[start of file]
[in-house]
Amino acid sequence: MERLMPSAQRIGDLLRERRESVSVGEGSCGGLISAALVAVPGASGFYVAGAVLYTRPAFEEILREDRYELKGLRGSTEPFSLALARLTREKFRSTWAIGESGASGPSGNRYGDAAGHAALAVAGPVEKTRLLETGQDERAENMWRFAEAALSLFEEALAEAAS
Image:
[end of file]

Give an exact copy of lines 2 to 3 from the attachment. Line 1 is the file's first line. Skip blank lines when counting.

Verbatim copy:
Amino acid sequence: MERLMPSAQRIGDLLRERRESVSVGEGSCGGLISAALVAVPGASGFYVAGAVLYTRPAFEEILREDRYELKGLRGSTEPFSLALARLTREKFRSTWAIGESGASGPSGNRYGDAAGHAALAVAGPVEKTRLLETGQDERAENMWRFAEAALSLFEEALAEAAS
Image: